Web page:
Send the link below via email or IMCopy
Present to your audienceStart remote presentation
- Invited audience members will follow you as you navigate and present
- People invited to a presentation do not need a Prezi account
- This link expires 10 minutes after you close the presentation
- A maximum of 30 users can follow your presentation
- Learn more about this feature in our knowledge base article
Do you really want to delete this prezi?
Neither you, nor the coeditors you shared it with will be able to recover it again.
Make your likes visible on Facebook?
You can change this under Settings & Account at any time.
Claim and Counterclaim
Transcript of Claim and Counterclaim
We've all had arguments - maybe with our parents, teachers, or bosses.
Knowing how to structure an argument will help you to persuade someone, or win the argument.
In your journal, respond:
Imagine that Suffolk County is considering raising it's legal driving age to 21 because of recent increases in teenage driver accidents.
Do you agree with this increase in age or disagree? Why or why not? What do you need to provide in order to make your argument worthwhile?
First, establish your side; your main point.
Perhaps you disagree. Your claim would then be:
"Suffolk County should keep the legal driving age at 16."
This is the opposite side of the argument. In order to "win" your argument, you must think up everything that the other side might claim.
Which is a suitable counterclaim?
"Suffolk County should raise the legal driving age."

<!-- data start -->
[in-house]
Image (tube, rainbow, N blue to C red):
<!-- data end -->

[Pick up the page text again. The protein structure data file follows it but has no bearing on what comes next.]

"Teenagers are inexperienced drivers."
After recognizing the counterclaim, you should be able to list reasons to support your claim.
If you disagree with the increased driving age, what might be some reasons for not changing the law? List them in your journal, then turn and talk about them to someone sitting near you.
Do their reasons make logical sense?
Next, you need to support your reasons with evidence.
Where are some places to get evidence?
To give your argument credibility, retrieve evidence from reliable sources, including:
1. The library
2. Websites (.edu, .gov, .org)
3. Professional Journals
4. Online Databases ( http://xaaa.auth.orc.scoolaid.net/bin/databases?schoolId=860 )
With a partner, complete the Claim/Counterclaim Worksheet.
Don't forget to list your reasons and where you could find evidence to support your reasons in the third column!
When you address the counterclaim in your paper, you should also include the counterclaims reasons
What are some reasons for someone supporting the driver age law change?
Claim and Counterclaim
1. 16-year-olds participate in mandatory Driver's Education classes.
2. In order to get a permit, teens must pass a permit test.
3. Teens also pass rigorous driving exams to get their license.
"Suffolk County should raise the legal driving age to 21."
This is a suitable counterclaim because it stands in
of your claim and answers the question directly.
Possible Counterclaim Reasons:
1. Teenagers are inexperienced.
2. Teenagers are not responsible enough.
3. Teenagers are easily distracted.
A Thesis statement has three parts:
A Main Idea (or claim in the case of an argument)
A Thesis is NOT:
An Announcement: "I will tell you why..."
An Opinion: "I think/believe/feel..."
A Fact: "Teenage drivers are bad..."
Developing Your Thesis
1. Choose a topic and write a claim:
Playing sports is really good for people.
2. Ask yourself: why? how? who?
Playing sports is really good for children.
2. Provide support:
Playing sports is beneficial for children because it helps develop better cooperation skills, better coordination, and better overall health.